NATO on Tuesday condemned Russia’s decision to withdraw from the Treaty on Conventional Armed Forces in Europe, a key post-Cold War agreement. In response to this development, the alliance announced that it would suspend its obligations under the treaty.
Russia formally withdrew from the security treaty, which set limits on key categories of conventional weapons, blaming the United States for undermining security by expanding the NATO military alliance.
“Allies condemn Russia’s decision to withdraw from the Treaty on Conventional Armed Forces in Europe (CFE) and its aggression against Ukraine, which is contrary to the Treaty’s objectives,” a NATO statement said.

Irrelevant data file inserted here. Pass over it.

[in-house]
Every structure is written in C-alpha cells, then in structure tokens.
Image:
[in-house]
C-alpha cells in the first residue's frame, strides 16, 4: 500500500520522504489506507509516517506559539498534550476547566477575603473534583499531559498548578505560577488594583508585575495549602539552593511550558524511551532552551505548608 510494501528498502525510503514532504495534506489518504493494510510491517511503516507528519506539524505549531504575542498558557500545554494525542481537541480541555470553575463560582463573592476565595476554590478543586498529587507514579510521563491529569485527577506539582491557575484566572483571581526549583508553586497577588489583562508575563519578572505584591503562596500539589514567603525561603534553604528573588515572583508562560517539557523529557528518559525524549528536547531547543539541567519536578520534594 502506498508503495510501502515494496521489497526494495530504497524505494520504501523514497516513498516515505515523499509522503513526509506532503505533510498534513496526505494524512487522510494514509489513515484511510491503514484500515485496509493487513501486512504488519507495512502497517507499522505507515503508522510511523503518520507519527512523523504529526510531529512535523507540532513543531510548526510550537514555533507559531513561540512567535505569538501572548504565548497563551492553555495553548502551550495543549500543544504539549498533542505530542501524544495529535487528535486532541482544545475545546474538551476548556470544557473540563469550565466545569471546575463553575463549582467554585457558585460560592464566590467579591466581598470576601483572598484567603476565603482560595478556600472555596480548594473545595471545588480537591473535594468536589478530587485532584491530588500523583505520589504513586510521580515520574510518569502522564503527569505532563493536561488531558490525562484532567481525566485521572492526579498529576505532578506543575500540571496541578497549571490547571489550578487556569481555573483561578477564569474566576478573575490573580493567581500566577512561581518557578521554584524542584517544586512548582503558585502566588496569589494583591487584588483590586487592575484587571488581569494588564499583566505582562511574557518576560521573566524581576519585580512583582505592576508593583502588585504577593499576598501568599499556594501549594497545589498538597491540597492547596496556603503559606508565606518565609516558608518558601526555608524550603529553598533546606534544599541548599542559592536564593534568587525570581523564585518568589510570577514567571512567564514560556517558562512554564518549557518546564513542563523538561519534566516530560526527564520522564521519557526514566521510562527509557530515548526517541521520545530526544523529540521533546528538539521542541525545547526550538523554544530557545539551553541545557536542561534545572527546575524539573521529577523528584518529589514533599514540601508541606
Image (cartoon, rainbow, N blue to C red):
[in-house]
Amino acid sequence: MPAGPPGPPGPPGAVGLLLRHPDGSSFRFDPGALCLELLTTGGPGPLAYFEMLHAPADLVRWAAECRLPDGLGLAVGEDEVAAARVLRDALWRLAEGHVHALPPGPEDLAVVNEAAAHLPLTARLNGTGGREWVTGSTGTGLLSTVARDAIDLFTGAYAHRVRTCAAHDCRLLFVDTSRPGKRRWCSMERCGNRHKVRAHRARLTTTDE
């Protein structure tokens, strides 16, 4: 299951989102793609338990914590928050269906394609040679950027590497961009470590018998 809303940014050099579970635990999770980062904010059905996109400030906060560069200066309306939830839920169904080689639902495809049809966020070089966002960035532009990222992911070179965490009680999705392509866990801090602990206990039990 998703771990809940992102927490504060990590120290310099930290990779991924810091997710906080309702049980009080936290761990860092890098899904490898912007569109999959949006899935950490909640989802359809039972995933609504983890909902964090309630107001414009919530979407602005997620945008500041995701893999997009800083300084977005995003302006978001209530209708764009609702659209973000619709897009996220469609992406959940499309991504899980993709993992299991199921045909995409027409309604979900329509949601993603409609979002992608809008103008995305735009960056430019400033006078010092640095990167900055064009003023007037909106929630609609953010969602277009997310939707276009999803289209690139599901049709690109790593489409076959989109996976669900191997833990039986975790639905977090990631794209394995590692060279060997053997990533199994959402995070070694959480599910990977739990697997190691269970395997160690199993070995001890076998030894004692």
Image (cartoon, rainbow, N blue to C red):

“Russia’s decision is its latest action in the direction of systematically undermining Euro-Atlantic security,” the statement continued.
“Consequently, allied countries intend to suspend the operation of the treaty for as long as necessary, in accordance with their rights under international law. This is a decision fully supported by all NATO allies.”
The United States said it would suspend obligations under the treaty starting December 7.
“Russia’s war against Ukraine and its withdrawal from the treaty “fundamentally changes” the circumstances surrounding it (the treaty) and transforms the obligations of its participants,” White House National Security Adviser Jake Sullivan said.
Russia suspended participation in the treaty in 2007 and in 2015 announced its intention to withdraw from it completely.
Mr. Sullivan said that despite Moscow’s continued disregard for arms control, the United States and its allies remain committed to effective conventional arms control.